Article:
We played the third and final game in our El Alamein mini-campaign last night. The campaign had already gone the way of the Allies with two crushing defeats inflicted on the Deutsche Afrika Korp, so I was really hoping for a win to avoid a clean sweep.
2 November 1942 and Operation Supercharge begins. The 2nd New Zealand Division is tasked with carrying out the initial thrust, the objective being the capture of Tel El Aqqaqir (the base of Axis operations). The division had suffered significant losses in July (1,405 men in three days of fighting) and the toll of the battle so far had seen it further worn down. To reinforce the division, several brigades and battalions were brought under its command – including the 9th Armoured Brigade. As a result of the depleted manpower, the 9th Armoured Brigade was tasked with leading the assault – headlong into dug in German anti-tank gun positions, including Flak 88 guns.
Table and Mission
I selected Hold the Line for this mission. The Allies would be assaulting along the road heading towards the village with the hill off to the left. The objectives were the hill and the far house (back and right of the road).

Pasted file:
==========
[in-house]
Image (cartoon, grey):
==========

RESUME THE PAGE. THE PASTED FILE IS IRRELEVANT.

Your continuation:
I’m afraid I don’t have pictures of the forces for this battle.
HQ with two Panzer III Ls
Two Panzer platoons – 1st with two Panzer IV F2s, two Panzer III Ls and a Panzer III N, 2nd with one Panzer IV F2, two Panzer III Ls and one Panzer III N
Heavy anti-aircraft battery with two Flak 88s with extra crew (so rate of fire 3)
Priority air support from Ju87G Stukas
HQ and two heavy armoured platoons with three shermans a piece
Light armour platoon with three honey stuarts
Kingforce armour platoon with three Churchill IIIs – this platoon wasn’t actually part of the force organisation chart, but we were doing a fun “use everything” battle, so it came under the company’s command
Sporadic air support from Hurricane IIICs
Order of Battle
I positioned my Flak 88s to cover my right flank and held my 1st Panzer platoon in ambush (with the intention to appear them on my right flank). My mate deployed his two Sherman platoons on his left and right flanks, Honey Stuarts centre left and Churchills centre right. His HQ was positioned at the rear behind the ridge.
Turn one and three Hurricanes would have come roaring in had Axis fighter aces not shot down two of them – already a good start for me. The entire British force moved up save the HQ and all opened up on the Flak 88s – scoring very few hits, all of which were saved. The lone Hurricane dropped its payload, but the Flak made its save with ease. Things only got better for me in my turn. I sprung my ambush on the right flank and opened up on the Shermans opposite, although I only knocked out one and bailed the other two. On my left flank however my Flak 88s decimated the Shermans that had moved up to take them on. I also managed to call two Stukas in which failed to score any kills on the Churchills.